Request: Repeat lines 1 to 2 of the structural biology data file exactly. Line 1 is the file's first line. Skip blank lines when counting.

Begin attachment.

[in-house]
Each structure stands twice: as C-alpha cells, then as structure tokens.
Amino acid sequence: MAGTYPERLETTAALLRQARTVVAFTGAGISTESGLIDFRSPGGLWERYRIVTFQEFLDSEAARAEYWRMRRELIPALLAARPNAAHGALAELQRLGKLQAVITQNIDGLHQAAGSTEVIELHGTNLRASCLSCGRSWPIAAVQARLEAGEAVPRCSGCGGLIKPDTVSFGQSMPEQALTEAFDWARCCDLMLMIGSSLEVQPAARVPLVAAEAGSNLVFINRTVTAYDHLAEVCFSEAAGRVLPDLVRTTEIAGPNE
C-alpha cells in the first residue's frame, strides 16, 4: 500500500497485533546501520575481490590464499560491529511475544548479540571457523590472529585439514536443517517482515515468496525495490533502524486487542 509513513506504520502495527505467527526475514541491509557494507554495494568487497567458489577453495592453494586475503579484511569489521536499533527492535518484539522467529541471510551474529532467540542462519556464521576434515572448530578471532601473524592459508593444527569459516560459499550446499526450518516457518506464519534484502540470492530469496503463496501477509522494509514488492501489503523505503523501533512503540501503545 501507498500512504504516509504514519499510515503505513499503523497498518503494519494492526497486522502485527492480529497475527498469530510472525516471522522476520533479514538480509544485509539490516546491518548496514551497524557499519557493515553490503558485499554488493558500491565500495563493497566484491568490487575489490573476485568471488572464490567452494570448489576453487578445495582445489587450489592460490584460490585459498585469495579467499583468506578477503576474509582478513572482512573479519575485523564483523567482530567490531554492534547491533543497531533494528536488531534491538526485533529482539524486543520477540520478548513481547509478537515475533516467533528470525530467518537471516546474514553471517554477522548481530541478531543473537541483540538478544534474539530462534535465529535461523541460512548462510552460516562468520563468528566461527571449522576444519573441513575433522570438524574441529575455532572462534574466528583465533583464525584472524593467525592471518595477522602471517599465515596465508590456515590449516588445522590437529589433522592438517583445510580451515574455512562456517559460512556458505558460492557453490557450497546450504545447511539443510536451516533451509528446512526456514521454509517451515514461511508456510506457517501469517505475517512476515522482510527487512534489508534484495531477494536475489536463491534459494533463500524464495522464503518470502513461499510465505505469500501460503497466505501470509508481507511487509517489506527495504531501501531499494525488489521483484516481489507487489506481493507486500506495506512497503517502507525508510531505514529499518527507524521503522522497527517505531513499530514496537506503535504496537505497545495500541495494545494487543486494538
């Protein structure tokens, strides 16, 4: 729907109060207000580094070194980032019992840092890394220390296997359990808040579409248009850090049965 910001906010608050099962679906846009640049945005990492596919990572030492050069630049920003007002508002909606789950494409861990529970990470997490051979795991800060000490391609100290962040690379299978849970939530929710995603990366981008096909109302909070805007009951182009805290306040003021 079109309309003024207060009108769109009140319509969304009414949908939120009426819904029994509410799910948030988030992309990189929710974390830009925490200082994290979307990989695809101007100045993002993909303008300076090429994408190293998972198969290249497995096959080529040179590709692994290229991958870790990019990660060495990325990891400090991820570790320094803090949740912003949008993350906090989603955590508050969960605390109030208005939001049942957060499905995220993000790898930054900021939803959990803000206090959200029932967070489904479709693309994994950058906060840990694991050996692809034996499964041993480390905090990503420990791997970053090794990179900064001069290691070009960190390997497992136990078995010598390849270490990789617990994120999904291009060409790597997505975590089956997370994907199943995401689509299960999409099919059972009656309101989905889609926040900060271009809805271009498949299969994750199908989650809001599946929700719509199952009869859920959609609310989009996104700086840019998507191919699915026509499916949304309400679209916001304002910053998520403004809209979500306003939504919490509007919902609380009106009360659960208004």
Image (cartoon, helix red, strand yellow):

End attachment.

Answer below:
[in-house]
Each structure stands twice: as C-alpha cells, then as structure tokens.